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Types for Modules
, 1998
"... The programming language Standard ML is an amalgam of two, largely orthogonal, languages. The Core language expresses details of algorithms and data structures. The Modules language expresses the modular architecture of a software system. Both languages are statically typed, with their static and dy ..."
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Cited by 80 (13 self)
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The programming language Standard ML is an amalgam of two, largely orthogonal, languages. The Core language expresses details of algorithms and data structures. The Modules language expresses the modular architecture of a software system. Both languages are statically typed, with their static and dynamic semantics specified by a formal definition.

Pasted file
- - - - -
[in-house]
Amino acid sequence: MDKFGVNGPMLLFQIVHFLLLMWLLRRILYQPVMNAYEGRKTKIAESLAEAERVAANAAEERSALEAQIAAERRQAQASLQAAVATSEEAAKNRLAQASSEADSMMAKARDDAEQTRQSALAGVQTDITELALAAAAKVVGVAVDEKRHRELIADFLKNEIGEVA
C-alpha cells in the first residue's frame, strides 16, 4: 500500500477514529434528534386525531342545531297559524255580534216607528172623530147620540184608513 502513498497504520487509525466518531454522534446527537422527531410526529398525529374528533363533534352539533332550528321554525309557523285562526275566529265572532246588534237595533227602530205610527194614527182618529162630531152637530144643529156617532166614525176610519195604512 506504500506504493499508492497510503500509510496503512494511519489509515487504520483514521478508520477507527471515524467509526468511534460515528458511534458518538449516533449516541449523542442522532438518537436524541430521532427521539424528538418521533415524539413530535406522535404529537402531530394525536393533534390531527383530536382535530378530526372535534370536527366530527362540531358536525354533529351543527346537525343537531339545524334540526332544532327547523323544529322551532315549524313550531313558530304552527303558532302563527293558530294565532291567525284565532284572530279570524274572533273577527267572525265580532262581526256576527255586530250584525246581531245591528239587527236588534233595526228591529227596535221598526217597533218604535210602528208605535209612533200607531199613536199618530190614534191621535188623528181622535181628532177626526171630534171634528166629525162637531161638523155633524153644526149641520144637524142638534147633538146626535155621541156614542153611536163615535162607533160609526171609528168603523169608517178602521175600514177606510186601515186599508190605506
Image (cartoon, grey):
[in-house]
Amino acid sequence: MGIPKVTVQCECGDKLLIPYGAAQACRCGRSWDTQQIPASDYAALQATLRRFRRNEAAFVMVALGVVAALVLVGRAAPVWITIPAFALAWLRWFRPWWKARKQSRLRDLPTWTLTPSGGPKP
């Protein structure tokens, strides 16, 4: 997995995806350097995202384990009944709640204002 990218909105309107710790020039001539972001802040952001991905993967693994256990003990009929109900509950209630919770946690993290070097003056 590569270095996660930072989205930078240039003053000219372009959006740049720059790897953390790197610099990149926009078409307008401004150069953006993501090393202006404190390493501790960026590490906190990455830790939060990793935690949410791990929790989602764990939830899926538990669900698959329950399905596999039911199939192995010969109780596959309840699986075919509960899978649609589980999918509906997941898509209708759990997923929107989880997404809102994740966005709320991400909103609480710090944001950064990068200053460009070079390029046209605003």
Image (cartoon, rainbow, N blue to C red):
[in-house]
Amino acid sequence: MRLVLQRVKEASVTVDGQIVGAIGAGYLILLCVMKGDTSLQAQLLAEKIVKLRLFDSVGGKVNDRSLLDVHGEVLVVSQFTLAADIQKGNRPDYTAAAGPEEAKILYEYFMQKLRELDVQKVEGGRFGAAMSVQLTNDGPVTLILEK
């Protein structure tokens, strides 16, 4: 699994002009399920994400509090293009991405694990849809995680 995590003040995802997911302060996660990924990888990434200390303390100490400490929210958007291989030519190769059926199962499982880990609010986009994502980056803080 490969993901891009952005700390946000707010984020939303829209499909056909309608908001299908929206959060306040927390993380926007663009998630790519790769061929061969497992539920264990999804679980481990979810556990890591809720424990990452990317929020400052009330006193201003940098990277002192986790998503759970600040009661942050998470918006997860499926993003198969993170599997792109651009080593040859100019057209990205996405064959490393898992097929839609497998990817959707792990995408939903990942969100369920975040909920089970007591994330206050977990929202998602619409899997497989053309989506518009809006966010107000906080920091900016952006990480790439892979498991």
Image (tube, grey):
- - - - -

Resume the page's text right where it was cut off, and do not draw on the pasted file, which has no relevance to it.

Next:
Set theory for verification: I. From foundations to functions
 J. Auto. Reas
, 1993
"... A logic for specification and verification is derived from the axioms of ZermeloFraenkel set theory. The proofs are performed using the proof assistant Isabelle. Isabelle is generic, supporting several different logics. Isabelle has the flexibility to adapt to variants of set theory. Its higherord ..."
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Cited by 52 (20 self)
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A logic for specification and verification is derived from the axioms of ZermeloFraenkel set theory. The proofs are performed using the proof assistant Isabelle. Isabelle is generic, supporting several different logics. Isabelle has the flexibility to adapt to variants of set theory. Its higherorder syntax supports the definition of new binding operators. Unknowns in subgoals can be instantiated incrementally. The paper describes the derivation of rules for descriptions, relations and functions, and discusses interactive proofs of Cantor’s Theorem, the Composition of Homomorphisms challenge [9], and Ramsey’s Theorem [5]. A generic proof assistant can stand up against provers dedicated to particular logics. Key words. Isabelle, set theory, generic theorem proving, Ramsey’s Theorem,